Pardon the coarseness of this metaphor. My anxiety to be of service to you rushes into words; lays my meaning, in the rough, at your feet; and leaves your taste to polish it with the choicest ornaments of the English language.
But the whole, to continue the same metaphor, consists in the cookery of the author; for, as Mr Pope tells us--
When I say petticoat, I use the word in its literal sense, not colloquially as a metaphor for its usual wearer, meaning thereby a dainty feminine undergarment seen only by men on rainy days, and one might add washing-days.
I use all the hyperbole of metaphor, and tell what centuries of time and profounds of unthinkable agony and horror can obtain in each interval of all the intervals between the notes of a quick jig played quickly on the piano.
He recollected Cronshaw's whimsical metaphor of the Persian carpet; he had thought of it often; but Cronshaw with his faun-like humour had refused to make his meaning clear: he repeated that it had none unless one discovered it for oneself.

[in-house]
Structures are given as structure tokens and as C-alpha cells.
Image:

"You have at all events taken your share in using good practical precautions for the town, and that is the best mode of asking for protection," said Lydgate, with a strong distaste for the broken metaphor and bad logic of the banker's religion, somewhat increased by the apparent deafness of his sympathy.
Indeed, it seems that in defining contraries of every kind men have recourse to a spatial metaphor, for they say that those things are contraries which, within the same class, are separated by the greatest possible distance.